There are many discussions of when the fingernails can and cannot be cut according to halacha and minhag. It is very hard to ascertain anything coherent from this information, other than that Friday is the best day to cut them, and that many other days may be prohibited.

Could, though, a woman who needs to cut her nails to prepare for mikvah do so on any day of the week (except Shabbos)?

I'm quite sure the answer is "yes," but I'd like to see a source that actually discusses it.

  • I found a tertiary source mentioning that she can cut them during the Omer and I think also the Nine Days (and possibly any day except Shabbos or Yom Tov), for mikvah, if one had any doubt.
    – SAH
    Commented Mar 31, 2017 at 14:43
  • Also this: judaism.stackexchange.com/a/3113/1516
    – SAH
    Commented Mar 13, 2018 at 0:18

1 Answer 1


It is not easy to find an explicit source for this. Here's what I have:

  1. We know that cutting nails is traditionally a mandatory part of chafifah (pre-mikvah preparation). See Shulchan Aruch 198:19 and Rama there.

  2. We know the entire chafifah is done on the day of the tevilah (ideally, with special rules for Shabbos and Yom Tov). See Shulchan Aruch YD 199:3.

  3. The Shulchan Aruch does not say that one should cut nails on the previous Friday, or that any other day is prohibited. In contrast, regarding Shabbos the Shulchan Aruch does discuss what should be done before or after Shabbos (YD 199:4-7) (or Yom Tov). One should therefore conclude that no such restrictions apply.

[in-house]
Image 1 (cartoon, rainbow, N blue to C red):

Here's another argument one can make:

  1. Even of those who do not wash during the Nine Days, some permit cutting nails, and some prohibit it. (Mishnah Brurah 551:20)
  2. Even those who do not wash during the Nine Days permit washing for mikvah, and in some cases even on Tish'a B'av itself. (Rama 551:16)
  3. Certainly, therefore, even those who prohibit cutting nails during the Nine Days would permit it for mikvah, it being no worse than washing.
  4. If it is permitted during the Nine Days, which has more of a consensus to prohibit, it should certainly be permitted on a non-Friday, where the prohibition is not as clear (as discussed in your referenced thread).
  • I upvoted this answer because i like it, but the OP does seem to only want a sourced answer so this doesn't technically qualify as a proper answer.
    – user6591
    Commented Aug 26, 2016 at 17:08
  • 1
    @user6591 I agree it's a good answer, possibly as good as we're going to get. +1
    – SAH
    Commented Aug 29, 2016 at 17:43
  • This discusses nine days, but not chol hamoed (the other major time of year with potential restrictions about this sort of thing)
    – Double AA
    Commented Sep 30, 2020 at 12:46

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